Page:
AIG 3rd qtr net falls, employees get SEC notice

By Ed Leefeldt
Reuters
Nov 14, 2005


NEW YORK, Nov 14 (Reuters) - American International Group (AIG.N) on Monday said its quarterly earnings fell and employees received notices of possible disciplinary action by the U.S. Securities and Exchange Commission.

AIG did not identify those who received "Wells Notices," which related to investigations of the firm's accounting practices. It did say that additional current and former employees may receive similar notices in the future as the regulatory investigations continue.

A Wells Notice indicates possible SEC action, but gives the recipient a chance to respond before a formal recommendation by the SEC. AIG spokesman Chris Winans declined to comment further.

Profit for the world's largest insurer by market value was $1.7 billion, or 65 cents, a share, compared with earnings of $2.69 billion, or $1.02 per share a year ago, which were restated because of accounting errors.

The latest quarter earnings were hurt by Hurricanes Katrina and Rita, which struck the Gulf Coast during August and September. AIG suffered $1.57 billion in losses from hurricanes and other catastrophes.

"AIG has achieved profitable results even as it sustained losses...in the most costly quarter for catastrophes ever recorded," Chief Executive Martin Sullivan said.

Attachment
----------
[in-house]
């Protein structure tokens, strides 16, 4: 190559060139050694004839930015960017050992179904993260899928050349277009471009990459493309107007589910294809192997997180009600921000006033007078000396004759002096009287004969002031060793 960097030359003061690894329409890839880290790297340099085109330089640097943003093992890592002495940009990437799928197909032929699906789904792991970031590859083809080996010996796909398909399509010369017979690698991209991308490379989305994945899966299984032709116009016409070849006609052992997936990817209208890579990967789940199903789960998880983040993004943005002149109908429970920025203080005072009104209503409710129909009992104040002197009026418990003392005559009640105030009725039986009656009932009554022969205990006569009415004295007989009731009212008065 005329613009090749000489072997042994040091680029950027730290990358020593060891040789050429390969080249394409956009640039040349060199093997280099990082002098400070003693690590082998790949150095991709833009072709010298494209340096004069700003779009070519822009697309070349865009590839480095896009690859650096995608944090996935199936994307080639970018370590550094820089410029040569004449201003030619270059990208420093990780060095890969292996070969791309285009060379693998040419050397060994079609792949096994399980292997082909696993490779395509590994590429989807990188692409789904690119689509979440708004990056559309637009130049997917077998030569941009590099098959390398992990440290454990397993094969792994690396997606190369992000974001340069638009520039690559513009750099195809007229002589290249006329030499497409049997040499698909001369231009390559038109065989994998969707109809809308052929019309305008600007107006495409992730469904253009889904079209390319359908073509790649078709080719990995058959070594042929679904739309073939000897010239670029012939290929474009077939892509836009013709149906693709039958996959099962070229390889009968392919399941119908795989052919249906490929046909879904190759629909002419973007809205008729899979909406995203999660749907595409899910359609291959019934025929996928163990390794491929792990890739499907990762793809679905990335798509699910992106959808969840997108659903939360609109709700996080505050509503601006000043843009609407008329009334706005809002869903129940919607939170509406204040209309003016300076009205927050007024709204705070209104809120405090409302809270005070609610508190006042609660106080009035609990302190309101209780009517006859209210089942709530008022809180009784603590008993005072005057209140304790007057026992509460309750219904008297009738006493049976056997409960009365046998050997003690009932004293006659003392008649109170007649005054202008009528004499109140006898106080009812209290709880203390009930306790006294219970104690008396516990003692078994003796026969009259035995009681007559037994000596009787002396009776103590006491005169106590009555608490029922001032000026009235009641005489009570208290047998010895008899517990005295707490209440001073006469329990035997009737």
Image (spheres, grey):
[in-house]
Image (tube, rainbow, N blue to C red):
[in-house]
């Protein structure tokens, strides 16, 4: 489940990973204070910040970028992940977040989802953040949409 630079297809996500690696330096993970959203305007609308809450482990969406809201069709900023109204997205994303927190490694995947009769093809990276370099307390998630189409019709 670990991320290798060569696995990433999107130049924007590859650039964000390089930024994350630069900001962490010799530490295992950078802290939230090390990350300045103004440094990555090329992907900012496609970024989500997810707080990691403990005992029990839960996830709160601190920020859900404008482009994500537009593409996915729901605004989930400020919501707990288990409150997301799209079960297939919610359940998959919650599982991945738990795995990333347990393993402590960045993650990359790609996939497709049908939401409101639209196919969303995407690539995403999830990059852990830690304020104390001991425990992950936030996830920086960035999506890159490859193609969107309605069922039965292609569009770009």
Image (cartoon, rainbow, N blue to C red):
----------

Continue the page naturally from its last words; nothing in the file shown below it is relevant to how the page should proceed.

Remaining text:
AIG said its adjusted net income per share was $1.8 billion or 68 cents compared with $2.34 billion or 89 cents a year ago.

AIG said previously it would restate several years of earnings for a second time to fix accounting errors related to financial derivatives. It warned investors not to rely on prior financial statements.

AIG is the subject of state and federal investigations, including SEC probes, into its accounting practices since the errors were discovered.

The company said last week will restate its earnings from 2002 through 2004, as well as selected consolidated financial data for 2001 and 2000 and quarterly data for 2004 and the first half of this year. That was the second time this year the company said it would restate several years of financials.

"It was disappointing to have another restatement, but the company still earned $1.8 billion," said Rob Haines, an insurance analyst with CreditSights.

In after-hours trading, AIG was trading at $67.32, down from its close of $67.50 on the New York Stock Exchange. Its year high is $73.45, while its year low is $50.

The combined ratio, excluding catastrophe losses, fell to 91.61 from 93.87 from a year earlier. The combined ratio represents the company's losses divided by premiums it has received from investors.

AIG's life insurance operating income before capital gains and losses increased 12.9 percent, the company said, and its foreign life insurance business produced "excellent results," with strong first-year growth in China and Japan. Domestic life was hurt by the interest rate environment, AIG said.

The nation's largest insurer said it was taking further steps to improve its financial controls and governance, including a majority voting and mandatory age retirement guidelines.

Michael Sutton, former chief accountant of the SEC, has been named as a director and now serves on AIG's audit committee.

Copyright © 2005 by Reuters



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